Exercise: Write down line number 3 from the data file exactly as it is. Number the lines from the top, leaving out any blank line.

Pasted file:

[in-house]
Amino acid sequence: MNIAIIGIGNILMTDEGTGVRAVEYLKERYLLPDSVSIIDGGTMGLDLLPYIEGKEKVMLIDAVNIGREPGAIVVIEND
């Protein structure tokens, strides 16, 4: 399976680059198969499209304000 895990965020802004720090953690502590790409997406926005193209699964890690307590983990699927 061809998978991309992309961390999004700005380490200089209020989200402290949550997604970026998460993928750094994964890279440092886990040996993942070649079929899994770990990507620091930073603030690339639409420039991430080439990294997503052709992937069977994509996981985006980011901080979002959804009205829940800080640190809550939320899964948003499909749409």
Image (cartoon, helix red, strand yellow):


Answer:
């Protein structure tokens, strides 16, 4: 399976680059198969499209304000 895990965020802004720090953690502590790409997406926005193209699964890690307590983990699927 061809998978991309992309961390999004700005380490200089209020989200402290949550997604970026998460993928750094994964890279440092886990040996993942070649079929899994770990990507620091930073603030690339639409420039991430080439990294997503052709992937069977994509996981985006980011901080979002959804009205829940800080640190809550939320899964948003499909749409």